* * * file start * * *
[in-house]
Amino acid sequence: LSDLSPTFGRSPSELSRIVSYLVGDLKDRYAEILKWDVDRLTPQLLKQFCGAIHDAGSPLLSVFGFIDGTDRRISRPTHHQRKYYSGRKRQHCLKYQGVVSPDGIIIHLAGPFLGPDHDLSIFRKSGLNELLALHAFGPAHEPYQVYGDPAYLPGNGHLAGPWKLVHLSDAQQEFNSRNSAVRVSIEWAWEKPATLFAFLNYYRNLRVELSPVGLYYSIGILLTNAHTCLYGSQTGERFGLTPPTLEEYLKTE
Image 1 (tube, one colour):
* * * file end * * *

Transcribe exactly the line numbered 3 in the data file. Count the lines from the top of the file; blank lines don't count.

Image 1 (tube, one colour):